Dodging and burning is an essential technique in any retoucher’s toolkit. However, it can be a somewhat tricky method to grasp at first. While there are common mistakes that can be apparent right from the start, such as too much of the effect applied, or overuse of global dodging and burning, there remain other more subtle aspects. Their final impact after spending hours retouching a photograph, however, is not so subtle.
In today’s video, Kayleigh June shares five of the top mistakes that retouchers often make when dodging and burning their photographs.
1. Zooming In Too Close. If you’ve ever heard of the term “pixel peeping,” then you understand what the issue is here. If you work at 100% or greater while performing local dodging and burning, you will spend an excessive amount of time, only to discover that you’ve either had minimal impact or have removed texture to the point of making skin appear waxy.
Try not to work zoomed in too close, especially if you’re working with high megapixel images.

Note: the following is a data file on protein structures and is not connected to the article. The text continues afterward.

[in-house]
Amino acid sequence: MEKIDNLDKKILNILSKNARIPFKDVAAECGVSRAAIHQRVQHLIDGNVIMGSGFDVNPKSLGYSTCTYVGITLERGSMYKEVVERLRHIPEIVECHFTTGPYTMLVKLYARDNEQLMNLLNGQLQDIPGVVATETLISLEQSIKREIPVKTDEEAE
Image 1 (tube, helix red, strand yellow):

Editor’s Tip: One way to avoid this issue, is to have two windows open while you work, with one zoomed in, while the other is zoomed out. To set this up, go to Window > Arrange > New Window For <File Name>. After that, click on Window > Arrange > 2-up Vertical. Zoom or fit the two images as you’d like, and you’ll find that this is a great method to avoid over-retouching.
2. Dodging Only. Relying only on brightening areas of the photograph without darkening where needed (burning) can result in skin looking inaccurately light, as well as lacking any depth or contrast. Balancing out midtones and shadows with an appropriate amount of burning will drastically improve the overall look of the photograph.
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3. Not Taking Regular Breaks. When you feel like you’re on a roll while retouching, you can sometimes spend too much time with one image, and overdo it. It’s important to take regular breaks so you can revisit the picture with fresh, rested eyes.
4. Dodging Too Many Dark Areas. This one is relatively common and involves dodging midtone / shadow areas and causing an unrealistic luminosity, or making skin texture appear flat. Areas of the photograph that have more shadows should be appropriately tended to with burning, to avoid muddying these transitional areas.
5. Dodging Highlights Excessively. With the widespread popularity of highlighted skin for a more dewy look, this has become a widely popular approach to retouching. While it can be stylistic, it tends to lead toward skin appearing oily rather than fresh, and overall makes the photograph appear less realistic.
Watch Kayleigh’s video below to see examples of these common mistakes, so you can further understand why they should be avoided.
Source: Kayleigh June | Featured Image: Shutterstock